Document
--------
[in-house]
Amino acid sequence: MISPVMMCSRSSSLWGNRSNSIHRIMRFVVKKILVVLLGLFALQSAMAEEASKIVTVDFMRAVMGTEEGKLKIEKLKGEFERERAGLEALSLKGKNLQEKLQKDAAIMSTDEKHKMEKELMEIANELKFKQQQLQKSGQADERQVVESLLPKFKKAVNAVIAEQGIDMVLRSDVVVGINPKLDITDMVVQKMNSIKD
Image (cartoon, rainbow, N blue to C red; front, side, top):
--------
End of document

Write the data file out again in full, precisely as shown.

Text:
[in-house]
Amino acid sequence: MISPVMMCSRSSSLWGNRSNSIHRIMRFVVKKILVVLLGLFALQSAMAEEASKIVTVDFMRAVMGTEEGKLKIEKLKGEFERERAGLEALSLKGKNLQEKLQKDAAIMSTDEKHKMEKELMEIANELKFKQQQLQKSGQADERQVVESLLPKFKKAVNAVIAEQGIDMVLRSDVVVGINPKLDITDMVVQKMNSIKD
Image (cartoon, rainbow, N blue to C red; front, side, top):